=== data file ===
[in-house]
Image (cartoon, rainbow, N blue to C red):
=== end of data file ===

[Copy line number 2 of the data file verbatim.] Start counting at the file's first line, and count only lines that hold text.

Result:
Image (cartoon, rainbow, N blue to C red):